Oracle’s ‘Tsunami’ Is on the Way

Oracle is close to unveiling new Web services tools and a content management server as the cornerstone of its new information lifecycle management (ILM) strategy.


In a joint event touting its technology and applications in San Francisco next week, the company will work to instill the theme of “information” into
the minds of some 20,000 registered attendees, said Bob Shimp, vice
president of technology marketing at Oracle.


Oracle OpenWorld San Francisco combines the OracleWorld and Oracle AppsWorld
shows in an attempt to show unity under ILM. The emerging strategy, already
touted by EMC , IBM , HP and others, focuses on managing information from its inception to its disposal.


ILM is crucial at a time when government regulators are hawkishly watching
businesses to make sure they are keeping records for specific lengths of time.


“We see the world changing from a focus on networks and business processes
to more of a focus on building your application around your information,”
Shimp told internetnews.com. “We’re going to be talking about our ILM
vision and new technology support for that.”


While Shimp refused to confirm it, Oracle officials have said the
company will unveil Tsunami
, the code name for its enterprise content
management (ECM) server.


ECM is an integral part of ILM because it helps companies manage information
on networks fraught with e-mail, media files and loads of other unstructured
traffic. Tsunami is Oracle’s answer to the glut of data that threatens to
clog networks, and it will compete directly with ECM products from IBM and
Microsoft.


“Content management is going to come to the forefront,” Shimp said. “A
number of the vendors, Microsoft most notably, have painted a vision of how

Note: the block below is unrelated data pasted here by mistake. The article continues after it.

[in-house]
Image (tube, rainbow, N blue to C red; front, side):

you should do content management, but no one has been able to deliver on it
and Oracle will be the first.”


For example, the company has major new designs to broaden Web services
support for its application server, said Vijay Tella,
vice president and chief strategy officer of Oracle Application Server. Tella
refused to provide specifics, but he said Oracle’s model for grid
computing will move into focus more than ever.


Tella did tell internetnews.com that customers in 2004 are looking
for complete SOA portfolios and application platform suites.


Oracle officials previously said the show will be the launch platform for
Oracle Integration, an update to the company’s Data Hub strategy
for synchronizing information in one consolidated view.


Integration includes Oracle’s 10G Application Server, with improved support
for Web services, BPEL , EDI and a host of other
protocols. Like Microsoft, IBM and BEA, Oracle is looking to steer the
industry away from classic enterprise application integration and toward
service-oriented architecture (SOA) .

Distributed computing architectures that subscribe to the notion of reusing
assets such as code, SOAs are the choice of future software platforms for
customers who want to cut down on manual coding.


As for the conference, which will run from Dec. 6-9, Shimp said he
anticipates it will be the largest ever for the company, which made a big
splash when it introduced its 10g grid computing in 2003. Some 600 sessions
are expected to convene.

News Around the Web